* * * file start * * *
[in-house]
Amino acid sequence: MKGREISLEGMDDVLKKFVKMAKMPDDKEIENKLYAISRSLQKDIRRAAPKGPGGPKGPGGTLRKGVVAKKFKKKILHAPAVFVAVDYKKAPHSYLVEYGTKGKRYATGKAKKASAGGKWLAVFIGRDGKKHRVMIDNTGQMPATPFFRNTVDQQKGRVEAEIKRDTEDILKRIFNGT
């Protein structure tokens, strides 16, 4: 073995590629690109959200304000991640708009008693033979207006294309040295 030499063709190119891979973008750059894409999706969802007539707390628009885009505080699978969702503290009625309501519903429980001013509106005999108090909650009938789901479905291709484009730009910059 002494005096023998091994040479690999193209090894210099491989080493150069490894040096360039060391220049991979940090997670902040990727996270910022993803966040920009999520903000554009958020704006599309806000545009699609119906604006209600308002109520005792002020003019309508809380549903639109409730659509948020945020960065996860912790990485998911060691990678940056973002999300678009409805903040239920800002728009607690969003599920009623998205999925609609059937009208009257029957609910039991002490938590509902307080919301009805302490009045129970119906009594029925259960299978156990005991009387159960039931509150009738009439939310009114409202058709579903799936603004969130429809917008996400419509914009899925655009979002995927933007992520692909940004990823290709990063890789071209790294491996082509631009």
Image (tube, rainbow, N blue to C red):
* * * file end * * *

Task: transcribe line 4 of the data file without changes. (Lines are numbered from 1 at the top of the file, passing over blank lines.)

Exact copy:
Image (tube, rainbow, N blue to C red):